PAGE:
The results were inevitable. First of all I wasn't strong enough to tighten the bolts even with a full-sized scaffold pudlock adding to the wrench length, the second was that bolts started snapping. I was intrigued to discover that it wasn't the threads that failed as I had expected, but the shaft of each bolt simply lengthened and reduced in diameter until it failed. Samples of these stretched and snapped bolts were delivered to McPherson's office by our foreman, without comment.

Subsequently a new delivery of replacement bolts arrived with new instructions that these were to be torqued to 450ft/lbs as before. So, the girder was built, and ready to lift into place hence the giant crane.

I finished talking and was aware that he had been listening attentively to every word. He nodded his head and asked me: “What's your name kid?”
“I'm Joe”, I replied. He offered his huge hand to me and as I took it he said: “I'm Gary, and thanks Joe, my morning just got better.” We both slid off our perches on the crane jib, and I went back to the cabin, while he continued building the jib.

It was early afternoon before the crane was ready, and our crew stood outside and watched it crawl along the road very slowly, with the jib lowered very close to the ground. Loud yelling was heard and McPherson came running down the road, shouting and waving his hands at the crane. The driver brought the crane to a halt and we could hear McPherson yelling at the driver about regulations that the jib of the crane must be fully up whilst moving around the site. To everyone's surprise the crane driver had simply nodded and slowly the jib was pulled up until it was almost vertical, when the crane once more progressed along the road on it's way into the compound.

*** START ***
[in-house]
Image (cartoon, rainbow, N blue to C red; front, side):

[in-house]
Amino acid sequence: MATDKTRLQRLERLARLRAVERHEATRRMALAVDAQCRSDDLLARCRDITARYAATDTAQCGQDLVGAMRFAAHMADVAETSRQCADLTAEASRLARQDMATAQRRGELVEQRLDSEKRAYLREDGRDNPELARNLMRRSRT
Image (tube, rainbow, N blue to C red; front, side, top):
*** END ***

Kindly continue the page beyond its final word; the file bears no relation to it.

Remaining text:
We all stood and watched in horror as McPherson walked backward down the road in front of the crane signalling instructions to the driver. Just as the crane approached the compound there was a series of very loud explosions, and brilliant blue lights as the crane jib cut into the first series of 75Kvolt overhead cables that crossed the road. The foremost sections of the jib were instantly vapourised and it swan-necked forward until the higher section landed on the second tier overhead cables. Again there were a terrific series of explosions and the jib now fell to the ground, completely severed by the white heat of the short circuits. Meanwhile the melted cables whipped back each side of the road and they left trailing blazes of fire and sparks on the ground. McPherson was transfixed – both hands up to his head - which was just as well, for if he had moved he would have been in the path of the deadly snaking cables, and would have surely been killed.

The driver stopped the crane and jumped down from his cabin, With not even a passing glance at McPherson, he walked towards us putting on his coat. As he passed he looked across at me and slowly winked, then turned and walked off site. I never saw him again.